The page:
Bright Ideas

Keep Architecture in Mind

Finally Light Bulbs July 22, 2018

 

Neuro-architecture. Say what? Don’t worry, this word is nothing to be frightened of. Neuro-architecture is simply how your brain responds to the environment built around you in your everyday life. Emily Anthes wrote an article called, Building Around the Mind, which discusses research conducted on the relationship between architecture/interior design and one’s mood. There are five areas in the brain that can be affected by architecture: perception, memory, decision-making, emotion and movement. Use the following five tips to create a home that is positive and productive. Let’s find out how!

1. Perception
Change your perception by shedding some light on your home. Light (or lack thereof) can significantly affect your mood. When decorating, try your best to reflect natural sunlight throughout your home. You can do so by painting your walls white, cleaning the windows, using mirrors, and countless other tips. Utilizing natural light in your home can help calibrate your sleep-wake cycle and ultimately help you sleep at night, therefore making you feel more refreshed and positive the next morning.

2. Memory
Believe it or not, the shapes in your environment can influence your mood. A study by Moshe Bar, of Harvard Medical School, found that sharp objects convey an innate sense of danger, like a distant memory, which made people react negatively toward these objects. Ever stub a toe against a sharp corner or run into a sharp table and immediately glare at it like it’s your enemy? Incorporate curves and soft geometry into your décor. Shapes with curves, such as a circle, encourage contentment and represent completion/wholeness. Curves spark brain activity due to their complexity compared to boxy furniture. Pick out round pillows for your bed or couch. Or find a round coffee table for your living room. Put your subconscious at ease with round, soft décor.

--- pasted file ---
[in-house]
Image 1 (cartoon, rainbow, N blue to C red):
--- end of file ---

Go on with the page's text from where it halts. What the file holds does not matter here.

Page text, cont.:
3. Decision-Making
Decision-making can be challenging, but making many decisions one after another is just plain exhausting. Decision fatigue often sets in without us realizing it. When your brain gets tired of making too many decisions, it reverts to the easiest (often suboptimal) choice. How many times have you reverted to ordering take out because you couldn’t make a decision on what to cook? Make life easy for your brain by getting rid of the clutter and chaos. Organize your home, minimize choices, and let the micro-decisions make themselves. Check out our blog, Trim the Fat, for tips on how to de-clutter.

4. Emotion
Ever walk into a room and be overwhelmed with emotion? The contents and design of a room can elicit an emotional response. Did you know that plants reduce stress and improve concentration levels? Humans instinctively bond with other living things. This is called Biophilia. Put small plants around your home to incorporate a sense of Zen. Keep your light conditions in mind for whatever plant you choose as well as the space and the time you have to take care of it. Don’t have a green thumb? Buy a Peace Lily, Snake Plant or Aloe Vera. These plants don’t need to be watered too often, and they are the most air purifying plants!

5. Movement
Rearranging furniture, colors and décor in your space will create a sense of new surroundings, which will activate the dopamine in your brain. Dopamine motivates you to explore your environments and be adventurous. A change in your environment can lift your mood by giving you a sense of satisfaction. Every few years, give your home a makeover. Switch things up once in a while, and keep moving.

Remember that decorating your home is a mixture of art and science. Your house will feel like a home when you add more personal touches. By implementing a couple of these tips, not only will your space clear, but so will your mind. Try it! You’ll see.